Ethical Dilemmas In The Nazi Hypothermia Experiments

1228 Words 5 Pages
One major underlying theme that many of our recent readings for this course share is that of ethical boundaries with regard to scientific research. At various times in history, unthinkable atrocities have been committed with scientific research being their justification. During the Second World War, Nazi forces and (and other 'Axis powers ') carried out some of the most unethical and inhumane experiments to date. At times the experiments being carried out on human beings were so barbaric that any discoveries made were met with disgust and disapproval from scientists around the globe. Even so, the use of minorities as guinea pigs to test the most extreme limits of the human body and spirit does provide scientists with some legitimate …show more content…
Nazi Hypothermia
Despite their difficulties, Einstein, Heisenberg, and their colleagues were actually spared from much of the brutality that the National Socialists reserved for those they accuse of being Jewish. The Nazis were the perpetrators of undoubtedly some of the most unethical and inhumane actions in all of history. David Bogod writes in his article The Nazi Hypothermia Experiments: Forbidden Data? that
"The Nazi ideology was predicated on the concept of racial supremacy At the top of the tree was the Aryan race; at the foot were the 'untermenschen ': blacks, gypsies, homosexuals, and Jews. In the obscene logic which emerged from this categorization, such 'sub-humans ' were legitimate targets for extermination and, before their death, experimentation." (Bogod,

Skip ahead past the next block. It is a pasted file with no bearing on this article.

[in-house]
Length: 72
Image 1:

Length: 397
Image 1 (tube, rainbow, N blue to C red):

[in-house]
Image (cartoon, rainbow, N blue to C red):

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There is a long and difficult to read list detailing several of these experiments which includes, for example: castration, amputation, irradiation, injections of caustic substances, immersion in ice-cold water, dehydration, and the dissection of living humans. Many of these experiments were carried out on women and children. This type of experimentation draws criticism from scientists claiming that it is so unethical that it should be considered out of bounds, even if it does provide usable data. Many scientists question the usage of this data from an ethical standpoint. Bogod claims that "even if the data were of the highest quality, its provenance should surely put it out-of-bounds to the ethical scientist" (Bogod, 1156). This demonstration of extremely unethical actions being carried out under the guise of science is hardly isolated to the Nazi death camps

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